"In my Father's house [heaven] are many mansions [planets]: if it were not so, I would have told you." -- Jesus Christ, John 14:2
"Democritus, Epicurus, and their scholar Metrodorus affirm that there are infinite worlds in an infinite space ...." -- Plutarch, historian, 1st century
"Alexander wept when he heard from Anaxarchus that there was an infinite number of worlds; and his friends asking him if any accident had befallen him, he returns this answer: 'Do you not think it a matter worthy of lamentation that when there is such a vast multitude of them, we have not yet conquered one?'" -- Plutarch, historian, 1st century
"He [Democritus] said that the ordered worlds are boundless and differ in size, and that in some there is neither sun nor moon, but that in others, both are greater than with us, and yet with others more in number. And that the intervals between the ordered worlds are unequal, here more and there less, and that some increase, others flourish and others decay, and here they come into being and there they are eclipsed. But that they are destroyed by colliding with one another. And that some ordered worlds are bare of animals and plants and all water." -- Hippolytus, priest, 2nd century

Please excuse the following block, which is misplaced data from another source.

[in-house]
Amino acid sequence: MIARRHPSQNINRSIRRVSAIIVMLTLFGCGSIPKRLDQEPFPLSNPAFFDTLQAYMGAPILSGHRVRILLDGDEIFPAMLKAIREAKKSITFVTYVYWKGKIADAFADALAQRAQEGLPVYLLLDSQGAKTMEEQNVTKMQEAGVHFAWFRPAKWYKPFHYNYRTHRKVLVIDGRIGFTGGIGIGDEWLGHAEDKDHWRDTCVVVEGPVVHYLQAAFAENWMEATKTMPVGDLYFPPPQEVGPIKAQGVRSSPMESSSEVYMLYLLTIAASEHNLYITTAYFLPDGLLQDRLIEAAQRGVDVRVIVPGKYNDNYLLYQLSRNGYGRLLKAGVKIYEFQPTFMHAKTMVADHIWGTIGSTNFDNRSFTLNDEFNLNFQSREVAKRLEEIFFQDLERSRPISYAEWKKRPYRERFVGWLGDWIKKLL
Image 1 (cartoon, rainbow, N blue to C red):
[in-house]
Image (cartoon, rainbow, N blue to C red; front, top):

"And wast infinity
Of worlds...." -- Henry More, poet, Democritus Platonissans or The Infinity of Worlds, 1647
"... infinity of worlds there be;" -- Henry More, poet, Democritus Platonissans or The Infinity of Worlds, 1647
"Perhaps the major lesson to be learned so far from looking for planets around other stars is that nature can make a lot more planets than we can dream of." -- Alan P. Boss, astrophysicist, October 2008
New Scientist: Half-eaten dwarf planet reveals chemical secrets.
THE half-digested remains of a dwarf planet could provide the best insight yet into the chemical make-up of alien solar systems.